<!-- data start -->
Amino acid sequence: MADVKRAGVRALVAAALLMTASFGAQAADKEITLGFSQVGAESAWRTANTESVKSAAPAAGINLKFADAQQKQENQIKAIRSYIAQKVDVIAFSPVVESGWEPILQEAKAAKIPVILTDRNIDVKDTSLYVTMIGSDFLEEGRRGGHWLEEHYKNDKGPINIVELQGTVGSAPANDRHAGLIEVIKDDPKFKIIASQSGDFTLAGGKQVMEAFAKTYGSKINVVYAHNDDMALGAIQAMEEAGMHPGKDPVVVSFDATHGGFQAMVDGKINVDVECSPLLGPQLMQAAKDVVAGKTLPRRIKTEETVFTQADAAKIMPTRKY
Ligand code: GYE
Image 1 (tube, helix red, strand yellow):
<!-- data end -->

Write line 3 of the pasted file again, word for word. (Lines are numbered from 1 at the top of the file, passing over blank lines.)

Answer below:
Image 1 (tube, helix red, strand yellow):